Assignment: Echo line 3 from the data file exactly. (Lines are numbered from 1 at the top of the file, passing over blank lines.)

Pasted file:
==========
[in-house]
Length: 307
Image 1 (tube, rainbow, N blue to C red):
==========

Image 1 (tube, rainbow, N blue to C red):